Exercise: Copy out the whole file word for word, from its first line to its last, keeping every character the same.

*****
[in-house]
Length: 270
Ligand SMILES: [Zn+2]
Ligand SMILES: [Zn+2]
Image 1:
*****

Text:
[in-house]
Length: 270
Ligand SMILES: [Zn+2]
Ligand SMILES: [Zn+2]
Image 1: